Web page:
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Windows 7: MBAM cannot remove "culprit" access to 5.45.64.145/5.45.69.131

01 Feb 2014   #1
dsperber

Windows 7 Pro x64 (1), Win7 Pro X64 (2)
 
 
MBAM cannot remove "culprit" access to 5.45.64.145/5.45.69.131

A friend's Vista laptop (his wife is an AOL user, so AOL email is involved) was in need of help. I installed a proper anti-virus (Microsoft Security Essentials) as well as Anti-Malware Pro.

Almost immediately after installing MBAM I began to see popups about "successfully blocked access..." for two sites: 5.45.64.145 and 5.45.69.131, which are both well known malicious sites registered in the Netherlands. The access is unwanted and malicious (presumably), and the fact that MBAM blocked it is a good thing. But this happens regularly (especially when a browser or AOL is open), and each such blockage comes with a popup bubble message that must be clicked to make it disappear... and this annoying.

The initial scan by MBAM produced about 15 items which I purged, and then re-booted. No change. Still fairly regular popups for blocking of these two sites, whether using IE7, newly installed Firefox 26, or AOL. So whatever was found and deleted appears to have been unrelated to whatever is causing the continued ongoing access of these two IP addresses.

Cleaned out all cookies and history from IE, deleted all TEMP folders, re-booted. No change. Still fairly regular popups advising MBAM blocking these two sites. Something's still present somewhere that MBAM is not finding.

Deleted all unwanted programs and products in Control Panel, and removed/uninstalled/disabled all plugins and add-ons for IE. No change. Access to these two sites persists.

Applied all Windows Updates for Vista, including application of Service Pack 3. This installs IE8, and I further upgraded to IE9. Once again, still can't stop this accesses to the two sites. Yes, MBAM is blocking them. But there's no way to turn off the bubble-message advising that the access has been blocked, an it's just perpetually annoying to have to click on the message to make it go away or wait 10 seconds while it just fades away naturally.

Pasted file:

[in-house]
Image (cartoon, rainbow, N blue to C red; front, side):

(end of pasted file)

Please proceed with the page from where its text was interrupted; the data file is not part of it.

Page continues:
Upgraded AOL from 9.1 to 9.5. Still no change. Obviously something is still "active" and attempting to contact these two sites, which has escaped detection.

Re-scanned with MBAM, and found another 3 suspect files. Deleted them, re-booted, no change. Still MBAM blocks the ongoing access of the two IP addresses.

I'm kind of at my wits end here, and looking for outside assistance. Is there a "more robust" piece of anti-malware software which might finally get to the bottom of this and locate the offending file(s) or Registry entries associated with the access of these two IP addresses?


As far as MBAM is concerned, I'd actually be willing to just accept the fact that it correctly and thankfully blocked access to these two sites "quietly and silently", rather than also bother me advising of each blockage with a popup bubble-message. But I don't see any such setting to prescribe that behavior.

Many thanks in advance for any advice or direction.


I also did run a FULL scan (as opposed to a QUICK scan), and MBAM found 2 more suspect files. But once again, deleting them and re-booting produced no change. I'm still getting ongoing attempts to access those two IP address and associated proper blocking of those attempts by MBAM.

==> I'd really like to truly remove whatever is responsible. But MBAM is obviously not finding it.


My System SpecsSystem Spec
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01 Feb 2014   #2
DavidE

Multi-Boot W7_Pro_x64 W8.1_Pro_x64 W10_Pro_x64
 
 

The Protection tab has a "Show tooltip balloon when malicious website is blocked".
Does unchecking that turn off the popup message?
I assume you're using MBAM 1.75, not the new 2.0 BETA.

It looks like you created a thread in the MBAM Removal Help forum for this ...
I don't know how quickly they help with cleaning malware, and it's a weekend ...

MBAM cannot remove "culprit" access to 5.45.64.145/5.45.69.131-mbpsp01.png


My System SpecsSystem Spec
01 Feb 2014   #3
UsernameIssues

W7 Pro SP1 64bit
 
 

I think that David has the solution to your MBAM popup.

Have you looked at Resource Monitor to see what app is contacting the IP addresses? Just as a test, turn disable the DNS service and restart the computer. That may make the info in Resource Monitor clearer.

You might also want to download/run Process Explorer. It can now send a file hash to VirusTotal for every process the it finds running - of course, root kits can hide from Process Explorer, MSE and MBAM.

Since support for MSE is going away for XP boxes that I support, I've been playing with Panda Cloud Antivirus. That AV tool can also tell you which app is connecting to those IP addresses.